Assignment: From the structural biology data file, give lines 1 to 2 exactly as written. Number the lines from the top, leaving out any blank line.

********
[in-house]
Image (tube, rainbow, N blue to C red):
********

[in-house]
Image (tube, rainbow, N blue to C red):